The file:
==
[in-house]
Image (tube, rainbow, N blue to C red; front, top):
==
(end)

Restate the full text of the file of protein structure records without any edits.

[in-house]
Image (tube, rainbow, N blue to C red; front, top):